The first lighthouse keeper in 1884 was Alan MacLean who earned $54.00 that year. He was succeeded by Malcolm McFayden in 1891; Roderick McLean in 1906; J.B. MacDonald in 1912, and William Cummings, the last keeper, appointed on August 8, 1935.

Gypsum at the Harbour

The first gypsum operation was by the Montreal-owned Nova Scotia Coal and Gypsum Company in 1890 and it was located at the mouth of the Harbour ‘below Andrew Rankin’s house. ‘ In 1891, the company built a cribwork wharf with a frontage of 135 feet, and they installed $100,000 worth of machinery. In 1925, the company opened the mine near the mouth of Harbour and built another cribwork shipping pier in the following year.

In 1929, 10,000 tons of gypsum were being shipped from the Harbour to Montreal and American ports. However, the effects of the Depression were being felt and by 1933, operations had been cut back drastically with only a few ships leaving the port. A year later, the Company ceased operations, but kept the quarry in condition to start operations again as soon as the economic outlook was brighter.Company representatives requested that the Harbour be dredged to allow the use of larger steamers than previously, but operations were not resumed as hoped. At this time, however, thousands of cords of pulpwood were shipped by steamers from the Harbour. Much more needs to be collected about this history, but it was apparently not exactly a safe employment. John "Alec Johnny Ban" MacDonald tells the story of falling into a deep gypsum hole, suffering scrapes and bruises and what turned out to be permanent injury to his arm. He tried to grab a beam overhead to pull himself out, but couldn’t reach it, and was trapped until dragger men from the coal mine in Inverness came to help in the rescue effort.

The Lobster Cannery

In 1891 there were thirty resident fishermen in the Mabou Harbour vicinity and the catch that year was valued at $25,000. According to the April 23,1896 edition of The Casket, two Pictou men by the name of Tait and Fraser were building a lobster factory at Mabou Harbour and they planned to do canning there during the lobster season. In 1900 the factory produced 20,856 pounds of canned lobster, and 100 pounds of canned salmon and there were twenty two boats and forty-six fishermen. In 1905, the production had doubled with 42,048 pounds of canned lobster and 192 pounds of salmon. This was despite the fact that two less boats and six less fishermen were plying the waters that year. The catch included lobster, salmon, herring, mackerel, haddock, hake, halibut, trout, smelts, alewives, bass, eel. Squid was a small but highly valued part of the catch, providing what was considered the best possible bait. Any scarcity of squid was often reflected in a reduced catch.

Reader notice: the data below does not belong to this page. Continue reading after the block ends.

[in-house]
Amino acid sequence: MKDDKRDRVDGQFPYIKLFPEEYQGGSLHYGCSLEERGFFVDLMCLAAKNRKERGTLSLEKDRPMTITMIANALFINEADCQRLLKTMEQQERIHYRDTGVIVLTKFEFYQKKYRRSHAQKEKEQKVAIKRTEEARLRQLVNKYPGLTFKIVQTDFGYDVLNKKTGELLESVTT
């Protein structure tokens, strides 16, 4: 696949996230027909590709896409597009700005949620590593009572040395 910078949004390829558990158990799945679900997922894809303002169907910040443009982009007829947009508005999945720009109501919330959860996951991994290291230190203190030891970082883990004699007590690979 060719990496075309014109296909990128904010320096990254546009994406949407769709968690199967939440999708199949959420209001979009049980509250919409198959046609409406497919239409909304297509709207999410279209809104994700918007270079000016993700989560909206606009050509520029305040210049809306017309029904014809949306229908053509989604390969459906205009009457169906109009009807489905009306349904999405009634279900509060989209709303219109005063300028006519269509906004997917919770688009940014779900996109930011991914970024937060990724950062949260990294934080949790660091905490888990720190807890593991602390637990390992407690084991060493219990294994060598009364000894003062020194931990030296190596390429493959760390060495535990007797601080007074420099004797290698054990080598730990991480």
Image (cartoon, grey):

In 1925, Herbert Hopkins acquired the lobster cannery which then was owned by James Rude. The cannery provided summer employment for approximately 40 workers o more per season, and ironically, there were times when so many of the men were employed either in the cannery or the gypsum plant, that the number of men actually fishing was reduced. However, in 1932, there still were thirty active fishermen, and the total value of the fish marketed at Mabou Harbour was $20,000.

Some of the cannery workers were as young as nine years old, and some of them were French-speaking girls from as far away as Pubnico, Yarmouth and Arichat. There was a Percilla Dionne who was cook, and the big cookhouse shanty that served food for the workers also housed families who were working. The girls from away boarded with families or shared living quarters in other shanties near the waterfront. From the stories told by those who remember the cannery days, life at the wharf was intense: courtships; rivalries among the French and Scots; occasional fights among the fishermen-- fueled by cheap whiskey sold from the boats; and good and bad times mixed together.

One year there were 52 girls working at the cannery, to just 8 boys, and this business likely provided a rare opportunity for paying work for young women. The pay was 90 cents a day for a ten hour day for women and children, with a higher wage of $1.50 a day for the men, including the "cleavers." Finley Archie Rankin remembers that John Robert White made the same wage for sealing cans, and that Angus White was a fireman at the boiler where the lobsters were cooked. Donald A. Rankin, worked canning the tomali of the lobster, and Mrs. Margaret MacInnis remembers that after the tomali work was finished, or there was a break, the men would fool around by flinging tomali at each other, and chase each other around.

After the lobster season was finished, the factory was used to can the relatively small catch of salmon. In the early 1940's, the Maryville Cannery in Judique was in successful operation, and Herbert Hopkins found it more and more unprofitable to stay in business at the Harbour and he ceased operations. In the early 1950's the cannery at the Harbour opened for one season under the co-management of James Rude, Herbert Hopkins, and a Mr. MacFadgen, but that was end of the cannery era at Mabou Harbour.